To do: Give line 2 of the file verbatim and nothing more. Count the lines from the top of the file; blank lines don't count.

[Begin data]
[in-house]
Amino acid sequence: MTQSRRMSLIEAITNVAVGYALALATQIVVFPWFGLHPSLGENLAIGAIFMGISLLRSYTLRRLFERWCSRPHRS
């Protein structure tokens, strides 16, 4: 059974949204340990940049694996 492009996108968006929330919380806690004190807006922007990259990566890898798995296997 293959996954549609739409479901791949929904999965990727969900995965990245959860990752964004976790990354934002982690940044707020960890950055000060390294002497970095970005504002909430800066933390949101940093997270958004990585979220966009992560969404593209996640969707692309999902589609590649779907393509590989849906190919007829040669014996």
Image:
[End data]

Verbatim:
Amino acid sequence: MTQSRRMSLIEAITNVAVGYALALATQIVVFPWFGLHPSLGENLAIGAIFMGISLLRSYTLRRLFERWCSRPHRS